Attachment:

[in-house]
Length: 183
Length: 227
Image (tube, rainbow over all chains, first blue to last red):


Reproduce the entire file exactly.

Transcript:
[in-house]
Length: 183
Length: 227
Image (tube, rainbow over all chains, first blue to last red):